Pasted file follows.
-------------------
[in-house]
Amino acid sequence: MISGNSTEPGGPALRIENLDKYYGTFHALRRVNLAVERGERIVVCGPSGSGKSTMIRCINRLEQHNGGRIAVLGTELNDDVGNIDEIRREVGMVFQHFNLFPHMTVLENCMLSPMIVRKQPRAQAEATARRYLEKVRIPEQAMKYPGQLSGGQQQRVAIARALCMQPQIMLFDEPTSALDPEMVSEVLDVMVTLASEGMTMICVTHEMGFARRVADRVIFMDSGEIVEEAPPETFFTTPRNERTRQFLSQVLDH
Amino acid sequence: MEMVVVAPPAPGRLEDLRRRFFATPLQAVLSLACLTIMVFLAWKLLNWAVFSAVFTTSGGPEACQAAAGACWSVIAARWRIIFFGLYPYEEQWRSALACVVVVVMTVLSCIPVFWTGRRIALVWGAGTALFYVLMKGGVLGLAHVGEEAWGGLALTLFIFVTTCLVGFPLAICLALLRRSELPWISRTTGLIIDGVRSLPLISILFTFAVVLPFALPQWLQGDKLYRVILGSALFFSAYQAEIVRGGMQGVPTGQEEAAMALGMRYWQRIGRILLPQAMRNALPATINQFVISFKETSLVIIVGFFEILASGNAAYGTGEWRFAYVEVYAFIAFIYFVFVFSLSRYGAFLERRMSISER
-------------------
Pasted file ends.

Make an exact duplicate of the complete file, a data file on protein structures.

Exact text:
[in-house]
Amino acid sequence: MISGNSTEPGGPALRIENLDKYYGTFHALRRVNLAVERGERIVVCGPSGSGKSTMIRCINRLEQHNGGRIAVLGTELNDDVGNIDEIRREVGMVFQHFNLFPHMTVLENCMLSPMIVRKQPRAQAEATARRYLEKVRIPEQAMKYPGQLSGGQQQRVAIARALCMQPQIMLFDEPTSALDPEMVSEVLDVMVTLASEGMTMICVTHEMGFARRVADRVIFMDSGEIVEEAPPETFFTTPRNERTRQFLSQVLDH
Amino acid sequence: MEMVVVAPPAPGRLEDLRRRFFATPLQAVLSLACLTIMVFLAWKLLNWAVFSAVFTTSGGPEACQAAAGACWSVIAARWRIIFFGLYPYEEQWRSALACVVVVVMTVLSCIPVFWTGRRIALVWGAGTALFYVLMKGGVLGLAHVGEEAWGGLALTLFIFVTTCLVGFPLAICLALLRRSELPWISRTTGLIIDGVRSLPLISILFTFAVVLPFALPQWLQGDKLYRVILGSALFFSAYQAEIVRGGMQGVPTGQEEAAMALGMRYWQRIGRILLPQAMRNALPATINQFVISFKETSLVIIVGFFEILASGNAAYGTGEWRFAYVEVYAFIAFIYFVFVFSLSRYGAFLERRMSISER